As bezels and chassis continue to shrink, it only makes sense to see 17-inch laptops come back into popularity. After all, most are now roughly the size of yesteryear's 15-inch gaming machines. While the Razer Blade Pro 17 is not new – Razer's been making it for years – the refreshed version for 2020 sets the bar for a premium gaming mobile desktop.
Starting at $2,600, the Blade Pro 17 is by no means cheap, but if you can only have one PC (for desktop and travel), this should be it.
Replace your desktop
Razer Blade Pro 17
Bottom line: The refreshed Blade Pro 17 for early 2020 brings a stunning 4K touch display with 120Hz refresh and a more affordable 300Hz full HD option. Combined with an RTX 2080 Super Max-Q GPU and a blazing fast eight-core Core i7, this portable desktop replacement gets it nearly all right.
- 4K 120Hz is living the dream
- Outstanding performance for a laptop
- Excellent audio
- Windows Hello IR
- Plenty of ports
- Super expensive
- 300Hz display is a bit gimmicky
- No Xbox Wireless support
At a glance
Razer Blade Pro 17 design and features
I last reviewed the Blade Pro back in December 2017. Since then, it was the only 17-inch premium gaming laptop around. While the market hasn't changed, the Blade Pro 17 is a much better-looking device today. Razer's bezels were always an eyesore, but the company has committed to the trend of making them as thin as possible with outstanding results. And forget that matte full HD display as this year, Razer offers a full 4K one but the twists of 120Hz (full HD is still available but at an overkill 300Hz).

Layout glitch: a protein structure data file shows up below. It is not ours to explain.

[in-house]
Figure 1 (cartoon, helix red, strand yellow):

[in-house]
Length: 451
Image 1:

For graphics and CPU, Razer is offering up to an NVIDIA RTX 2080 Super (Max-Q) and a powerful, eight-core Intel Core i7-108750H (Turbo Boost to 5.1GHz). Sorry, fans of AMD, not this year. RAM can go up to 64GB DDR4, which is typical these days, and up to 2TB of PCIe SSD can be configured for storage. If that's still not enough, there's a second PCIe/SATA slot to add another drive.
Although Razer has been using this refreshed chassis since April 2019, it's a great choice. The very blocky design is perfectly symmetrical and minimalist to the extreme. Some will say Razer still borrows a lot from Apple, but that's not a bad thing.
|Processor||Intel Core i7-108750H (Turbo Boost to 5.1GHz)|
|Display||17.3-inch Full HD (1920 x 1080) at 300Hz, 100% sRGB